Carsten Stendevad (DK)
Prestation: Modernizing welfare using the third sector
Carsten Stendevad is CEO of ATP, one of Europe’s largest pension plans with 4.9 million members. Carsten became CEO in April 2013 and is responsible for all pension, investment and administrative activities within ATP.
Prior to joining ATP, Carsten was a Managing Director in Citigroup’s investment banking division in New York, with global responsibility for Citigroup’s corporate finance advisory team. In his 12 years at Citigroup, Carsten advised leading corporate and institutional clients around the world on a broad range of M&A, financing, risk management and investment decisions. Throughout his time at Citi, Carsten maintained a strong focus on emerging markets, including two years where he was based in Mumbai, India. Prior to joining Citi, Carsten worked for McKinsey & Co in New York and Copenhagen. He started his career as a research analyst in the Statistical Research Department at the Central Bank of Denmark.
Carsten Stendevad was born in Denmark, and grew up in Belgium where he graduated high school from the European School in Brussels. He holds a B.Sc. and M.Sc. in Economics from the University of Copenhagen (cand.polit.), a postgraduate diploma in Rhetoric from the University of Copenhagen as well as a Master of Public Policy (MPP) from the Kennedy School of Government at Harvard University.
Carsten is married with two children.
2013 – Chief Executive Officer (CEO), ATP Group
2007 – 2013 Managing Director and Global Head of Financial Strategy Group, New York
2004 – 2007 Head of Emerging Markets Financial Strategy Group, New York
2002 – 2004 Head of Corporate advisory, Mumbai, India
McKinsey & Company
1997 – 2002 Project Manager, McKinsey & Company, Copenhagen and New York
ATP is a mandatory pension scheme for Danish workers and a supplement to the Danish tax-financed old-age state pension. ATP currently has 4.9 million members of which 960.000 are pensioners. For 50% of Danish pen-sioners, ATP Pension is their only source of pension income other than their old-age state pension.
ATP is one of Europe’s largest pension plans with net assets of EUR 92bn. The average yearly return has been 10.5% over the last ten years. ATP’s investment strategy is fundamentally built around the objective of producing stable future pension cash flow streams. All ATP’s liabilities are fully hedged against interest rate risk, and ATP currently has a funded status of 117%.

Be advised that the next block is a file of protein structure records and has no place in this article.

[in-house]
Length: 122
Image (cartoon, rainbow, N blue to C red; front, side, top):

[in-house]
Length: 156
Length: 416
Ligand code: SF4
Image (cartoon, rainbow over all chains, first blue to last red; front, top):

ATP has divided its portfolio into a hedging portfolio (composed of long dated fixed income instruments and real assets) and a return-seeking portfolio (composed of a highly diversified risk parity portfolio). 85% of assets are managed internally (mainly in fixed income, listed equities, real estate and special situation direct investments) with external mandates mainly in the areas of private equity, specialised credit funds and infrastructure. For all external mandates, ATP seeks to actively leverage ideas, skills and processes as well as access to co-investment opportunities.
ATP is among the most cost-effective pension plans in the world. In 2014, administration expenses for ATP Pen-sion were EUR 8.30 per member (equivalent to 0.05% of ATP’s average assets). Total direct and indirect invest-ment costs (including operating costs, external management fees and transaction costs) amounted to EUR 35 per member (equivalent to 0.18% of average assets).
In addition to its pension activities, ATP is also one of the largest Nordic benefit processors. ATP administers a range of welfare benefits and labour market schemes for the Danish State, for Danish municipal governments and for the labour market, including the old-age state pension, maternity/paternity benefits, disability pension, hous-ing benefits, various family benefits, employee protection plans against bankruptcies, occupational hazard insur-ance schemes etc. In all, ATP processes EUR 27bn worth of benefits paid out to 2.3 million citizens annually, rep-resenting 2/3 of all Danish welfare benefits.
ATP is a self-governed institution established by the ATP Act and governed by ATP’s supervisory board composed of six employer representatives, six employee representatives and an independent chairman. The Act explicitly dictates a fiduciary focus on investment returns, and allows for no political influence over investment decisions, administrative matters or executive appointments (including the CEO appointment).
Cost leadership and innovation in welfare administration
Modernizing the delivery of welfare using the “third sector” – combining private sector operational excellence with public sector understanding for the benefit of citizens – Carsten Stendevad will draw lessons from ATPs experience as both one of the best performing pension funds in the world and as the welfare benefit processor for the Danish state and local government. “Udbetaling Danmark” (“Payment Denmark,” unofficial translation) was established under the government led by Lars Løkke Rasmussen in 2010 with the aim of streamlining the delivery of objective welfare benefits such as old age pension, family benefits and housing benefits. The aim was to cut 1/3 of the costs while improving the quality of the delivery in 24 months. By implementing cost leadership in the entire value chain – and in the culture – of welfare provision, these goals were reached in spring of 2015 on time, on budget. This experience offers interesting broader perspectives for the delivery of other welfare benefits in a third sector including a broader set of welfare, utility and financial services.